The Basin and Range Trail starts in Ely and ends in Baker. The route nearly forms a loop, but doesn’t actually end in Ely, although a hiker could if he/she so chooses. Getting to and from the start and end points of the BRT is a challenge. Ely doesn’t offer the hiker much in terms of transportation options. There are no airports, trains, bus routes, uber, taxi services or shuttles that operate out of Ely (population 4,000). Therefore, ending the hike in Baker (population 58) puts the hiker in a roughly similar situation, the need to find a ride to a larger town for transportation back home. If you don’t have a friend willing to drive you to and from the terminus points, your best bet is rideshare listings on facebook or craigslist. And of course, thumbing it as a last resort. Remember, the trial provides. If you can get to it.

Direction of Travel

The route is best hiked in a clockwise direction. The route ends at Wheeler Peak (13,065′) in Great Basin National Park, so you aren’t going to want t be at that elevation too early in the season. The Snake Range, encompassing Mt Moriah and Great Basin National Park, is best hiked last along the BRT. In general, the southern leg of the BRT is lower in elevation, as well as latitude, and so it can be hiked earlier in the season. For these reasons, it’s best to hike clockwise. A counter-clockwise hike of the BRT would likely require different start and end points.


The BRT could be hiked in the spring, summer and fall. However, most hikers will prefer this hike in May to July timeframe. The southern portion of the route is the warmest/lowest elevation, and that is why it is hiked first. In many years (snow has been low in recent years) the Toiyabes hold significant snow into June. The Rubies, Schell Creek Range and the Snake Range can all hold snow into July. In the southern portion, the Egans and Grant ranges both spend time over 10k feet, and reach 11k feet, so these can hold snow later into the season as well. Those who don’t mind the snow, or don’t mind bailing and walking around if high snow is encountered, can start earlier in the season, say, April. Those looking for a snow-free hike should wait until around 1st or second week of May at least, potentially later depending on the year. Start too late and the heat is an issue from mid July on, and water sources start to dry up. The ideal start date is based off the snowpack for the current year. Your goal is to have snow melt to draw water from while hiking the crest of the Toiyabes and Diamonds, in sections 4 and 6.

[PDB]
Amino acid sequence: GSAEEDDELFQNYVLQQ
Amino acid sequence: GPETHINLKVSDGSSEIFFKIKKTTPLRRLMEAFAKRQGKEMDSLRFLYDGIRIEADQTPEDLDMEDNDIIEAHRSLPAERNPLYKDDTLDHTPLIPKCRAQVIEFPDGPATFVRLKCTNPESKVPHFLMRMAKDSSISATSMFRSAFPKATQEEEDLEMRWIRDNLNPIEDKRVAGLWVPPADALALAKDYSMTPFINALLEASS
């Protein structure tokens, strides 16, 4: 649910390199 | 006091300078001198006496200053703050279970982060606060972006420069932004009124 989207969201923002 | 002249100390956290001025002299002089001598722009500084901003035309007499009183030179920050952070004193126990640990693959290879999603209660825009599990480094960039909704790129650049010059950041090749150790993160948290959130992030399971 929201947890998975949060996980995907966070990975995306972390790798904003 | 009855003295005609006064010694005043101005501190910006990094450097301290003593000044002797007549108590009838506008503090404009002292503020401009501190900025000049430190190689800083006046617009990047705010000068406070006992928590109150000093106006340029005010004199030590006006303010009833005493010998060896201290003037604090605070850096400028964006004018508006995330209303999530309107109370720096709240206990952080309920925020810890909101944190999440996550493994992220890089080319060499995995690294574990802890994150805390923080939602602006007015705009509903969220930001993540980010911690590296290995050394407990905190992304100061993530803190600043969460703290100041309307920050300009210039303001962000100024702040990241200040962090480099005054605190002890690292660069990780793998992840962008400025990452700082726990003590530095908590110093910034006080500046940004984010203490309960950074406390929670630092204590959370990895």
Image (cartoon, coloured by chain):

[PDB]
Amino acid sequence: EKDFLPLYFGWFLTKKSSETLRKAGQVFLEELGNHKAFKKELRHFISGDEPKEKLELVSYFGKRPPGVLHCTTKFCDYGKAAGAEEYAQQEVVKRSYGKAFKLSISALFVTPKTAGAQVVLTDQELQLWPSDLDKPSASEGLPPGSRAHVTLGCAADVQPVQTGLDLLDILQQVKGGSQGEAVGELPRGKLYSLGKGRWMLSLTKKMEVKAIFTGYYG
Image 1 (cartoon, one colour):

Time on Trail

The miles here are MUCH slower than a typical thru hike, because of the frequent bushwhacking and cross-country hiking across rough terrain. The hike will take much longer if you stick with the bushwhacking, not bailing out and taking alternates. The route variables could mean a total mileage of 900-1100+, which also has a big effect on your time to complete the route. Not counting zero days, figure 45-55 days for a “typical” thru hike of about 1000 miles.

Type of Hiking

Approximate breakdown of surface types along the Basin and Range Trail and their estimated percentages:

Single Track Trail – 10%
Cross-Country Hiking – 35%
4×4 Roads – 35%
Dirt Roads – 15%
Paved Roads – 5%

The majority of the hiking along the Basin and Range Trail is either cross-country or on a 4×4 road, many of
which are very old and faded. There are practically no hiking trails along the route, except in the Toiyabes,
Rubies, Mt. Moriah and Great Basin National Park. If you see a hiking trail marked anywhere else on the map,
chances are, it doesn’t actually exist on the ground. Sometimes, the same is true for 4×4 roads. If you do
encounter a trail, it likely needs some maintenance as most are overgrown. Many of the trails encountered are actually horse trails,
which quickly fade in and out.


Download the Basin and Range Trail GPX file & PDF Map Set. The GPX file and PDF maps are FREE for those who join the Basin and Range Trail facebook group, or available for purchase using the first link. You can can use the GPX file with the mapping platform of your choice (I recommend caltopo). The GPX file includes all of the water sources as waypoints as well.


windmill water source along basin and range trail thru hike

Windmill with good water in the Egan Range/Cave Valley

Water is perhaps the biggest concern a potential Basin and Range Trail thru hiker has when considering this trail. To those unfamiliar with Nevada, the prospect of finding reliable water in Nevada sounds daunting, and downright dangerous. However, this is not the case. Nevada is the driest state in the country, and even during an exceptional drought, in the middle of summer in 2020, I generally had no problem finding water.

The water availability along the BRT could be considered comparable to that of New Mexico on the Continental Divide Trail. There are plenty of days where you will have multiple water sources, and there are many days where you will only have one. It’s a dry and arid climate, but there is almost always water, when you know where to find it. They key is pre-hike planning.

map of water sources along the basin and range trail nevada

Water sources plotted along the route, color coded for ease of visibility and understanding: Blue = Reliable, Green = Probably/Maybe, Black = Dry

The longest distance in between water sources for me was roughly 25 miles. The standard BRT route as presented in this guidebook has a water carry of up to 38 miles, but potentially as low as 25 depending on the route taken. In total, the BRT has 4 water carries over 20 miles. In general, water is pretty easy to come by, for such an arid climate. In short, water is not as big of a deal as you might think in Nevada.

Most of Nevada’s precipitation falls in the form of snow, and after snowmelt is when water is most abundant. Snow remains longer into the spring and summer season in some ranges than others. The taller the mountains, generally, the wetter they are. In most ranges, the large canyons have water. Many of these water sources in the mountains are flowing creeks.

Water Chart

Besides the GPX file of the route, here’s perhaps the single most important piece of planning info available for a thru hike of the Basin and Range Trail: the Water Chart. All of these water sources are plotted along the GPX file as well, so you can view these water sources along an interactive map.